So when he came back to me with just one month, I went off on him. Over a phone call, I unloaded my past year of grievances on him in the form of personal insults, mostly about how he treated people like machines and not human beings. I was vicious. I wanted him to experience the kind of suffering that I thought he caused me, as if cosmic justice demanded it.
The experience was surreal. I think my actions shocked both of us. Even as a young boy, I was sensitive to how I might hurt others and tried hard to avoid it. That is, except when that little boy I once was got completely overwhelmed. That’s when every ounce of his overflowing emotional energy would channel out of him as pure rage. He would attack anyone and anything in close proximity. It didn’t matter much if it was a person or a wall. I had immense shame about this for years and by the time I was in middle school I had learned to repress my anger (any incidentally, all my other emotions). But every now and then, when I was particularly fatigued and overstressed, my defenses would get weakened and I risked getting overwhelmed again.
My raging on Jeff was like the perfect storm. I started off the day with a bad stomach flu and had made several trips to the toilet. I couldn’t eat and was downing electrolytes to try to stay functional. I was physically and mentally weak and my usual powers of repression were barely there. I wasn’t able to block out uncomfortable feelings and thoughts like I usually could. I was in a lot of discomfort and at the same time had little tolerance for it. But it’s not like the illness “made me do it”. I had just made the decision to leave the corporate world a week earlier and my sudden loss of safety was hard to handle even on a good day.
At this point in our relationship, any interaction I had with Jeff was an anxiety-provoking trigger for me. With so much going on for me, I’m not sure I could have stayed grounded even through a normal work-related conversation with him, let alone a phone call where I was so attached to a particular outcome while holding so few of the cards to make it happen. I’ve learned a lot about myself in the year since that call. I’m not surprised I lost it and blew up violently like I did.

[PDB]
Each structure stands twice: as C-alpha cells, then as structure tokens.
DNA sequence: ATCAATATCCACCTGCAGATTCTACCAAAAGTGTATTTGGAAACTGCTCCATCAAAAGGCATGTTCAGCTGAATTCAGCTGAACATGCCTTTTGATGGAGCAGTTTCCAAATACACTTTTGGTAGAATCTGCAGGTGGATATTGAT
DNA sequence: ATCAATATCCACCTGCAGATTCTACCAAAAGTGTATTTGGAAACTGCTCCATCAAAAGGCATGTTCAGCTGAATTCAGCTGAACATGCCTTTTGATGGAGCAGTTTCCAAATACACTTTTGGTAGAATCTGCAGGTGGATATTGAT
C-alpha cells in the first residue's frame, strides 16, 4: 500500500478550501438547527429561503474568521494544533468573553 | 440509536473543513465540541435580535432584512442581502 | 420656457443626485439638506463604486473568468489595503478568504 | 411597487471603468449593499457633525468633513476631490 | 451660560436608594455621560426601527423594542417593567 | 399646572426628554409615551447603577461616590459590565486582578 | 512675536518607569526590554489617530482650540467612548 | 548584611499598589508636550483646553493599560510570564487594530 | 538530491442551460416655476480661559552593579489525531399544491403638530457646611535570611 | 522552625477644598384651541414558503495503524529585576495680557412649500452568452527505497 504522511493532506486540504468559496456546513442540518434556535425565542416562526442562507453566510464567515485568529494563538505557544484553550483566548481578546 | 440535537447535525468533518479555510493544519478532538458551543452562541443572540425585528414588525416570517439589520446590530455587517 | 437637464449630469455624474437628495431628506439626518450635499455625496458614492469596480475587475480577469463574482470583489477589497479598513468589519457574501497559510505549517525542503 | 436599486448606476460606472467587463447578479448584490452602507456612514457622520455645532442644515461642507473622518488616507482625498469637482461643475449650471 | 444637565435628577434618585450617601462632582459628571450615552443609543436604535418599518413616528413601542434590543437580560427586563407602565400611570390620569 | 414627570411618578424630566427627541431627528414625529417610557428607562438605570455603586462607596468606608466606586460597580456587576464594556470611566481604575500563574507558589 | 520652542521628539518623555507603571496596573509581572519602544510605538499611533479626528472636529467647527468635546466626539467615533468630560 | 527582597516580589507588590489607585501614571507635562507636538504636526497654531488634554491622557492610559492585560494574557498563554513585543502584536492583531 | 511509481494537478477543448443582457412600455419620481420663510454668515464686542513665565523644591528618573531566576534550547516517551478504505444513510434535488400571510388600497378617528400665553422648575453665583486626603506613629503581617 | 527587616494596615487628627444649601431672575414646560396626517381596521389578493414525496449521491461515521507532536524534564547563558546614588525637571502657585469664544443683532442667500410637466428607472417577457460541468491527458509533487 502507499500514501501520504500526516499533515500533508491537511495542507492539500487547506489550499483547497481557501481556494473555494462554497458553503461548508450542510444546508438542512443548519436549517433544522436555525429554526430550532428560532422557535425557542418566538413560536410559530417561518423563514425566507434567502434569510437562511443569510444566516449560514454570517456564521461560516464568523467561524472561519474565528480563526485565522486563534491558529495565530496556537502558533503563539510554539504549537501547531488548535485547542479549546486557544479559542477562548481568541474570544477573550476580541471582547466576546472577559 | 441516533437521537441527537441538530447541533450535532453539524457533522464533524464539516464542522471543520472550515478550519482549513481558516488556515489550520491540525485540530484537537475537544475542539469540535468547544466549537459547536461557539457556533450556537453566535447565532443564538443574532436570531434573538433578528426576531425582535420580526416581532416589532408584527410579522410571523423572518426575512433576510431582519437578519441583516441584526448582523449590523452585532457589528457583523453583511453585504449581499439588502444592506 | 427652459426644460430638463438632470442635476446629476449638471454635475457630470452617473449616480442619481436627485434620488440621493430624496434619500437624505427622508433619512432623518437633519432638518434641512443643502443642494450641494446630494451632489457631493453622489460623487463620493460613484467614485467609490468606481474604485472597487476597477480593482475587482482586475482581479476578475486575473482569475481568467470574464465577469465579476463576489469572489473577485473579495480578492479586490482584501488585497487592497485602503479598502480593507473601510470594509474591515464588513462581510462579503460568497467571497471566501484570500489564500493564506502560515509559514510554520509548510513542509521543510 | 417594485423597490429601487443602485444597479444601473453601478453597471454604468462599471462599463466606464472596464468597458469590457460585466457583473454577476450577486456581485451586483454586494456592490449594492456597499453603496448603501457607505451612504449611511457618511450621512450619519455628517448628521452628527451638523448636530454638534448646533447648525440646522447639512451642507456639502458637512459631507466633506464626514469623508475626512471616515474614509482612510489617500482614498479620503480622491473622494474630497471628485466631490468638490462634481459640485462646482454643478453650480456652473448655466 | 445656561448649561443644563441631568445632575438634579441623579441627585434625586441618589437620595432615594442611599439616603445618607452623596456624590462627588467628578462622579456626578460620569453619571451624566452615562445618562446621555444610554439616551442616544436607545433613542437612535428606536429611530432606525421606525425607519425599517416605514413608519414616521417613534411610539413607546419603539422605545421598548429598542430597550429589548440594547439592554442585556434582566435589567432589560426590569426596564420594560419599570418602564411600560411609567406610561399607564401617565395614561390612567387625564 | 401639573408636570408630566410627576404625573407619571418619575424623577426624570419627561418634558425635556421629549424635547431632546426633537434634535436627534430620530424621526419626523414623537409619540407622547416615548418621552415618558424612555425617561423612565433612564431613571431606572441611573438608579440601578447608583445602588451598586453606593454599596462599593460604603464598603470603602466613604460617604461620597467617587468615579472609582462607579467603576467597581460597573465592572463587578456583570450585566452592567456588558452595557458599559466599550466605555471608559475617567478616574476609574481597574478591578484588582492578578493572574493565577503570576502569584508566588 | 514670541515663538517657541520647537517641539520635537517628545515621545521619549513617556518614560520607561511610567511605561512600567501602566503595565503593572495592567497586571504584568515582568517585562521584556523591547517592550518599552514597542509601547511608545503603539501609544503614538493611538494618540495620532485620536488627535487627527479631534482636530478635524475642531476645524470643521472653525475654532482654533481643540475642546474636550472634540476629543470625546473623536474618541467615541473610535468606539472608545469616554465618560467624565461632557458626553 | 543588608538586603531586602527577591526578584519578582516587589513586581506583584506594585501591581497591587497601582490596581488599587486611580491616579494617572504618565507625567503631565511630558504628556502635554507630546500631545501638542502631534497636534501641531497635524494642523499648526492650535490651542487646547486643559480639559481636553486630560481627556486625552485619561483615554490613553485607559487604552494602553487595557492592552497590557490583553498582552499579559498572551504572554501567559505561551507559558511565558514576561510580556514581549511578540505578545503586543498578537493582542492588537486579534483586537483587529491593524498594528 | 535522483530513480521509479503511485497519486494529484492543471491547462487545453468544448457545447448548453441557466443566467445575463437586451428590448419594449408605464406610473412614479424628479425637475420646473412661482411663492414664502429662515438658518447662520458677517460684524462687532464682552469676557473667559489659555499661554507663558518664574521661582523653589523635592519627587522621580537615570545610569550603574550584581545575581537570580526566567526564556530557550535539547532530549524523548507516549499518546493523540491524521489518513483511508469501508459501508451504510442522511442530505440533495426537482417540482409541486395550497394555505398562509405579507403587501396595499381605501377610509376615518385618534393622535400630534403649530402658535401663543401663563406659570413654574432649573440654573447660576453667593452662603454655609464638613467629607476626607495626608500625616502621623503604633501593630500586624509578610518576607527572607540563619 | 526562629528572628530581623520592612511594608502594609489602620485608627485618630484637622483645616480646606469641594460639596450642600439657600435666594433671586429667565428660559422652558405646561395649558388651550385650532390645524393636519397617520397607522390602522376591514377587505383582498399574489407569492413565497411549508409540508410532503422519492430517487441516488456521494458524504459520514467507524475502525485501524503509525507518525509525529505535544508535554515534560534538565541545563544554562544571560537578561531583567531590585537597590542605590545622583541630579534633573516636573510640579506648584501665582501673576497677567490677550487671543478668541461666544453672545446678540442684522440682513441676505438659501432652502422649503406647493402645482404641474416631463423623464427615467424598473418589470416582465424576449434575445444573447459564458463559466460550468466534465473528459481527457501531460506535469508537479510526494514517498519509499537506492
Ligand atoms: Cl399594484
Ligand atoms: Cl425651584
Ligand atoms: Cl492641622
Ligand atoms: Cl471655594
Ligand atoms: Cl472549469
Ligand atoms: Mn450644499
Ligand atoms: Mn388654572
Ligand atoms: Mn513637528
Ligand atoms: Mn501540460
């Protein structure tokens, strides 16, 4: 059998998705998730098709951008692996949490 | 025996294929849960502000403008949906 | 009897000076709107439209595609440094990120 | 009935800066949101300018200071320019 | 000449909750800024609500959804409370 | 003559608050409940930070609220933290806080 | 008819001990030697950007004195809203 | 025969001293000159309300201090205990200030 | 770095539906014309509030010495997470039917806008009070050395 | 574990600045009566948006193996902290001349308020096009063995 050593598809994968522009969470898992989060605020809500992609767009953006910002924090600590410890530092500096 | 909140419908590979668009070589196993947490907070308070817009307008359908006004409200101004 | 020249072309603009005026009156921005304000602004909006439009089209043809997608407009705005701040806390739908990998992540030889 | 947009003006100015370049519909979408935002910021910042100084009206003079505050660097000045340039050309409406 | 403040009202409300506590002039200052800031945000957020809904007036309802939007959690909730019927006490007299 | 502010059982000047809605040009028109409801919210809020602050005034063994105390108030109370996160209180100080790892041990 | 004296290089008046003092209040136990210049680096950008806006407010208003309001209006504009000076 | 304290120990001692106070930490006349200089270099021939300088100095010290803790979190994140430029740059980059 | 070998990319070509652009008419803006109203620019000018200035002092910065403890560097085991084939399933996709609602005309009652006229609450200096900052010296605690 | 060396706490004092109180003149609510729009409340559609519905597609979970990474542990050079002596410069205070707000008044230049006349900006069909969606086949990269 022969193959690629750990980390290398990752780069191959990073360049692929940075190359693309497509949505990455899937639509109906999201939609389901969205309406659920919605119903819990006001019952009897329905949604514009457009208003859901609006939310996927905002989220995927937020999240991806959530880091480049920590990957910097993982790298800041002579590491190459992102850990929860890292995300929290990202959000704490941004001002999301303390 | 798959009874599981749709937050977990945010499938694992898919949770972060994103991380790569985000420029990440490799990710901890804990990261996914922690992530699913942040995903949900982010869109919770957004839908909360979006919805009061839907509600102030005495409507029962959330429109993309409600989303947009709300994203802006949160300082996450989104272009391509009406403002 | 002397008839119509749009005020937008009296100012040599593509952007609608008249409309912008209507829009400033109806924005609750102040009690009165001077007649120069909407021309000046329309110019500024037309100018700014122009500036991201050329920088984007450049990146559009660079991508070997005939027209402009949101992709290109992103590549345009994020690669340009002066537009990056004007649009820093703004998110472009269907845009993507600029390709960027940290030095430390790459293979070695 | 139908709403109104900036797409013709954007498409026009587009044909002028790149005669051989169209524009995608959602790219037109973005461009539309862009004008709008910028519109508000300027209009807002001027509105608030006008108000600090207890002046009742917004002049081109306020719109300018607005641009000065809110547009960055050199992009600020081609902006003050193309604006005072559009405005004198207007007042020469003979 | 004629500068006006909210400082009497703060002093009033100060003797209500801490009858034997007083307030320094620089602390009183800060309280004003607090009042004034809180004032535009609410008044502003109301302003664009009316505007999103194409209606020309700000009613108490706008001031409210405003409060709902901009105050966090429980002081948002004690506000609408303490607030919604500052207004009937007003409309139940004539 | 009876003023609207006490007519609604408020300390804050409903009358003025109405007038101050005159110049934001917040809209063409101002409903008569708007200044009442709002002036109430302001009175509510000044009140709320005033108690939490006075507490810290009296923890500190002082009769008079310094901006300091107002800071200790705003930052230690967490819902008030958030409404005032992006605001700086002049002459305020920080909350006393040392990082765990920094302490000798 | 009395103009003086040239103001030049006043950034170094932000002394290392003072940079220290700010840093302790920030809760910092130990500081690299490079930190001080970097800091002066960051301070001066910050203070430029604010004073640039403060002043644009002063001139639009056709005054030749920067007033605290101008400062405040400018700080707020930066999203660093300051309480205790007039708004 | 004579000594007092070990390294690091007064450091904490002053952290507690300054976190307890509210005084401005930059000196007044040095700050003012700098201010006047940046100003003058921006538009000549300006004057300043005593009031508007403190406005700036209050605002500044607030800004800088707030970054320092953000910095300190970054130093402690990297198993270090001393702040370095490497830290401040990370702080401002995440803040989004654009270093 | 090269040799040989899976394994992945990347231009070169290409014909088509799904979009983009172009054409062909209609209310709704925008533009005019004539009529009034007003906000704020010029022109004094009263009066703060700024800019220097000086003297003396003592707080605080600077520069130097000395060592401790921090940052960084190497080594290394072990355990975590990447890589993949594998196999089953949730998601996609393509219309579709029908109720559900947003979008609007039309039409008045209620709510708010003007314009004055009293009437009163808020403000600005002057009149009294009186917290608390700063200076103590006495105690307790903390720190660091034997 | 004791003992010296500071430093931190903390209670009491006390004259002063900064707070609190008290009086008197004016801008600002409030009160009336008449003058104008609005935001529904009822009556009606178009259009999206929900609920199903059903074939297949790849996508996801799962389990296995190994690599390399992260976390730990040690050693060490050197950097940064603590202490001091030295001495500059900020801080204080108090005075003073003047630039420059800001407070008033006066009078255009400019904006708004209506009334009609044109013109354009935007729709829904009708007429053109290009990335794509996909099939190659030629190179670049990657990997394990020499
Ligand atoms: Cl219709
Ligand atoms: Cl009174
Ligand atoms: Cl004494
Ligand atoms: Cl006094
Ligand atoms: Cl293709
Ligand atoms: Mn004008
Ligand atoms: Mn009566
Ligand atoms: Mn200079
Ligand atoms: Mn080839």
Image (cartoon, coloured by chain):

I regret it.
Jeff, if you’re reading this, I’m sorry. I imagine you were in pain and discomfort after that difficult day. No one deserves to be emotionally dumped on like I dumped on you. You were not responsible for my emotional state. You were not responsible for how I felt in reaction to any of the conversations we had in the year that we worked together. My feelings were my own and it was on me to change what I could if I didn’t like them.
As I’ve done more inner work and slowly peeled back my decades of repression, I’ve had a lot more experiences like these. It’s as if I’m that temperamental 9 year-old all over again, desperately seeking love and approval in those moments when I feel worthless myself. So many times in the past year I’ve lashed out at Stacya during a difficult moment between us when I thought she was judging me instead of giving me the affirmation I needed to feel ok. I’m grateful that both her and my commitment to our relationship has stayed unconditional through some of the more difficult days.
Over the past year and a half, I often felt like all of my self-exploration and opening up had brought me more pain than comfort. But at the same time I think I’m more honest and grounded than I’ve ever been in my life. I’m more in touch with myself, but that comes at the price of intensely feeling certain painful beliefs about myself. Beliefs that aren’t true. A big one is that I don’t have intrinsic value in the world and that I am not worthy of love–that I must constantly do things like produce “good work” or care for my family in order to have value in the world.
I’ve read and been told that all human beings have intrinsic value, and on a good day, I believe it. But not always. Thankfully, after so many blowups, I think I’m turning a corner. I’ve gotten better at self-care (eating well, sleeping well, and exercising), which helps me maintain my resiliency. And when I’m not feeling well, I’m usually very aware of it now. I’m able to consciously notice when I’m feeling triggered and slipping into harsh judgment of myself or others. The awareness gives me the chance to take a step back rather than escalating things or getting overwhelmed and having to impulsively vent everything out.
I still have a long way to go, but I no longer feel deep discomfort about money or status. More and more the world feels like an inherently safe place and I don’t have to “do things” to deserve my place in it. More and more I appreciate what I have rather than constantly having to work towards the next bigger and better thing. Now, most days are good days and I am in touch with my internal well of value and love and there’s no need to fight to earn those things from the outside.